An Abundance of Charm

The moment I finished, I wanted to rush out and give this novel to all my reader friends. Unfortunately, it is just too good to do that with - John Green deserves every one of those friends to buy it for themselves. Green, the Printz Award-Winning author of Looking For Alaska, has definitely succeeded in his sophomore effort - Katherines is a charming mix of interesting characters, thought-provoking prose, and laugh-out-loud moments. Such a combination reads like a brilliant hybrid of J.D. Salinger-esque emotion with all the sideways humor of a Christopher Moore novel. The major success of the book is neither its emotional arc nor its spot-on humor, but the characters themselves. Every single secondary character, no matter how minor, is drawn perfectly - there isn't a cookie-cutter in the bunch. Colin Singleton, the protagonist, is even better: an endearing mix of tremendous brain power, introspection, and a healthy dose of social awkwardness, makes him completely sympathetic to the audience. As an avid reader of all genres and a YA writer, it is rare that I come across a book that truly wows me anymore, but An Abundance of Katherines succeeded. The 2007 Printz Honor this book just received is well earned, you won't regret this read!

Fun, funny, and not "chick-lit" at all!

John Green has done it again! An Abundance of Katherines is lighter than Looking for Alaska, but the characters are just as engaging and the action, in some ways, more believable. Colin, the lovelorn prodigy; Hassan, the chubby, devoutly Muslim but also devoutly modern and lazy sidekick; and Lindsey, keeper of Archduke Franz Ferdinand's grave and heir to the local tampon-string factory/dynasty--they're all the kind of characters you can't get enough of. And the humor is the kind that will make you laugh out loud in the middle of the library and have to apologize to the librarians and the guy next to you who is researching the effect of a burgeoning cetarian-based economy on the Federalist/Anti-Federalist debates of the late 1700s and would not read a young adult novel if his tenure depended on it. One thing, though--this book is as good a "roadtrip/buddy movie/high school males bonding" book as I've read in a long time. So why does the cover scream "chick lit?" Note to publisher: get new marketing department. Note to male readers: ignore the cover and buy the book.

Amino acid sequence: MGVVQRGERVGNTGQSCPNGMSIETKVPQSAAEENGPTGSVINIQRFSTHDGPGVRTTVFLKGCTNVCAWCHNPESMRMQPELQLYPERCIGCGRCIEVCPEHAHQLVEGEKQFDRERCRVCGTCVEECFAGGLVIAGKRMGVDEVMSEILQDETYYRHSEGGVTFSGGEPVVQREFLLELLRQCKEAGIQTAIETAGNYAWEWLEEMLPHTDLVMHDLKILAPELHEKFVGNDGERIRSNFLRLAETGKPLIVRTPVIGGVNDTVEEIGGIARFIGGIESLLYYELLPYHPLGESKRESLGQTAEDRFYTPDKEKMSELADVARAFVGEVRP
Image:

smart and funny

From third grade through his senior year of high school, Colin Singleton, child prodigy, has dated nineteen girls. All of them have been named Katherine (anagrammed in the rake; ie, her tank), and all of them have dumped him. Not for the same reasons, and not in the same way. Katherine XVIII dumped him in an email, for example. And K-19 dumped him immediately after graduation. Now, faced with a Katherine-less summer, Colin and his best friend, Hassan, decide to take a road trip. They are short-stopped in Gutshot, Tennessee, home to Archduke Franz Ferdinand's grave, with a job offer. Since there are no Katherines in sight, only Lindseys and Katrinas, the two boys settle in for the summer to interview textile workers, and, in Colin's case, come up with a mathematical formula for predicting the end result of a romantic relationship -- his Eureka moment. Layered with fun and funky characters, anagrams, formulas, flashbacks, and footnotes, this complex yet easy-to-read novel is not only compelling, but one of the smartest novels I've read in a long time.

Courtesy of Teens Read Too